Is Mr. Darcy a Feminist?

by Jane Mandley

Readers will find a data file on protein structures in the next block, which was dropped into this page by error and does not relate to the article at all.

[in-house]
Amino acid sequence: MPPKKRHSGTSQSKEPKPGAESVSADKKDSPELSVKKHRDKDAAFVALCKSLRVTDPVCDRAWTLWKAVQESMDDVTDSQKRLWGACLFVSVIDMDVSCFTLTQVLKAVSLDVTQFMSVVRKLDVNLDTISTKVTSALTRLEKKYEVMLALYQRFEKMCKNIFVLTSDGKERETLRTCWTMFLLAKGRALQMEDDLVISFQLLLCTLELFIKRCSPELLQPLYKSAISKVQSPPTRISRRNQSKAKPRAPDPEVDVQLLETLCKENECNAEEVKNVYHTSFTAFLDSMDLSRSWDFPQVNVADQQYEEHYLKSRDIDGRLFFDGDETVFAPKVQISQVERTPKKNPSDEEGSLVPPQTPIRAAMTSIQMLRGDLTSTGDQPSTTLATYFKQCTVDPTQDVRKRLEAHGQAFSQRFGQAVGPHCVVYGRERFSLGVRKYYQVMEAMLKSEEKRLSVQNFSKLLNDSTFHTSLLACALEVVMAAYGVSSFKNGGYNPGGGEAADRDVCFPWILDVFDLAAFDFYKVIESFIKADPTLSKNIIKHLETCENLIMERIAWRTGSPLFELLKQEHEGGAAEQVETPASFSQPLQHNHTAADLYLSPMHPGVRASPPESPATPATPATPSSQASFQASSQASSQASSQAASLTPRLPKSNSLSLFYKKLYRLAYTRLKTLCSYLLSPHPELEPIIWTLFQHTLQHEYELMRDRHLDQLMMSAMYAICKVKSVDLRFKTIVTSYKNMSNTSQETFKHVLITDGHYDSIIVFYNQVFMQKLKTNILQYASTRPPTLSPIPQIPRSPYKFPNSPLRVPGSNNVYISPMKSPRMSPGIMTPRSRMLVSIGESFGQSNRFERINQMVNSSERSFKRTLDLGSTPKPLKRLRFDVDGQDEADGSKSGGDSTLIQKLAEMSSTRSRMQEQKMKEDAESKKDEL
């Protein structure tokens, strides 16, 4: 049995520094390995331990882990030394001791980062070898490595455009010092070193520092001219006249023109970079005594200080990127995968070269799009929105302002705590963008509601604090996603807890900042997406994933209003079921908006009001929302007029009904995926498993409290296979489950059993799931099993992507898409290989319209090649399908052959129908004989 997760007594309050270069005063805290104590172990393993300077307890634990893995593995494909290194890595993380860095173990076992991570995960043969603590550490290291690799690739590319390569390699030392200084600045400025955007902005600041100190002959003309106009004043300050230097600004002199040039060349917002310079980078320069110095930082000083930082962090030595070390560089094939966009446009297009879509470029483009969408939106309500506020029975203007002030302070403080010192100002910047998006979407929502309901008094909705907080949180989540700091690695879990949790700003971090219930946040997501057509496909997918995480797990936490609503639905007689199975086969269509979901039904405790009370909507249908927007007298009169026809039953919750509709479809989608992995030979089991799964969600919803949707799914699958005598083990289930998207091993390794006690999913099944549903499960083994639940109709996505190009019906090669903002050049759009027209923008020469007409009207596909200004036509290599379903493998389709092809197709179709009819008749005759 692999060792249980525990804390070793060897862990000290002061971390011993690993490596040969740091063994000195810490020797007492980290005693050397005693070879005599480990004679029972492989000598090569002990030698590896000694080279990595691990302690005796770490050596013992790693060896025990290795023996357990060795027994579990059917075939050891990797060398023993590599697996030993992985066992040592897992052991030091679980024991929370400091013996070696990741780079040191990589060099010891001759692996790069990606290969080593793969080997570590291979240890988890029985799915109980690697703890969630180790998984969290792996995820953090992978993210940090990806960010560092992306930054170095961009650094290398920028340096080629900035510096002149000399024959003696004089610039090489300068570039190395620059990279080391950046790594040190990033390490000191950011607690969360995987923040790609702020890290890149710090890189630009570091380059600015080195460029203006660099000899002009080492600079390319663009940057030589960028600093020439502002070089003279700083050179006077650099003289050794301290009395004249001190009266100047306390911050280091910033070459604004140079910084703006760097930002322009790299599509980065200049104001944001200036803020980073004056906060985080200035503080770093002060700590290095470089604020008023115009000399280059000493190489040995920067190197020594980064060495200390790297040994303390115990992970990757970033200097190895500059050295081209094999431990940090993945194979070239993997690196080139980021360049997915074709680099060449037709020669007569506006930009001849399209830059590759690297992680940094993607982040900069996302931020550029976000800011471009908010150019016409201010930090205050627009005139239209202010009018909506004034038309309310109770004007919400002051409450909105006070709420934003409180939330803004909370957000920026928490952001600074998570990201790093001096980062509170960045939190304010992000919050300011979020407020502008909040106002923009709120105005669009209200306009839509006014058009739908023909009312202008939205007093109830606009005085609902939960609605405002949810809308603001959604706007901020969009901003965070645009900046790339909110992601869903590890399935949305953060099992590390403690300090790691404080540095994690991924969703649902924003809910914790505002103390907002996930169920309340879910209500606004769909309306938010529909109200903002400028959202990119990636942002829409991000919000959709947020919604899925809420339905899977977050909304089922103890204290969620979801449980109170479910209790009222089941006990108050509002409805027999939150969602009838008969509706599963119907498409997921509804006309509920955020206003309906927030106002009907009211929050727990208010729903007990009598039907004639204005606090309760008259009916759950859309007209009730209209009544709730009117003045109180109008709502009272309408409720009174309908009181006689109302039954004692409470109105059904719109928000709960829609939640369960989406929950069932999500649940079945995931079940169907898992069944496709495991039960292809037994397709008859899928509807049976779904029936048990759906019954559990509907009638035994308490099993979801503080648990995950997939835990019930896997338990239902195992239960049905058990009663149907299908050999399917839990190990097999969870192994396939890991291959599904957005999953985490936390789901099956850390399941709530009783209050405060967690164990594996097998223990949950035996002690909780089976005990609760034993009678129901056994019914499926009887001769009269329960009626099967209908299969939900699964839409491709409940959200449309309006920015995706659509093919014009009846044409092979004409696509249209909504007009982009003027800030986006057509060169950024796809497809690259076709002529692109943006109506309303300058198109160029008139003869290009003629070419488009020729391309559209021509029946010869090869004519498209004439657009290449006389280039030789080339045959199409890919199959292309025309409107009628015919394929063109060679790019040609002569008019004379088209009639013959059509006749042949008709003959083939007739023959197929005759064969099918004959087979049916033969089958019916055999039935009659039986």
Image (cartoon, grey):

In all my younger years of loving Jane Austen, I have never doubted my equal—if not greater—love of Mr. Darcy. Then a critical feminist lens was adopted through my undergraduate years and I found myself swimming in a sea of literary theory and social critiques in academia. While having previously read five of the six completed novels cover to cover, most of my more recent Austen-indulgences came in the form of the films, and I began to question whether embracing period-romances was backtracking in my current feminist world—that is, one seeking for social, employment, political, etc. equality with men. Elizabeth Bennet, there can be no doubt, is the most celebrated of all of Austen’s heroines for her forward ways of thinking, speaking, and behaving that reinforce ideals of our modern woman who should be free to do as she pleases. But in the end of Pride and Prejudice, Elizabeth “succumbs” to traditional marriage. With a historical perspective of the reality that women’s financial security rested solely on men in Austen’s day, a modern, feminist audience cannot blame Elizabeth for making due with what her world has to offer. However, her choice of husband can still be critiqued. Is Mr. Darcy truly worthy of such a woman as Elizabeth?—or in other words, is Mr. Darcy all he’s cracked up to be? Through a close reading of feminist attitudes toward women in the novel, Darcy proves to not only become a progressive husband by the end, but solidifies this non-traditional treatment of wives and marriage by his actions and statements throughout the entire novel.

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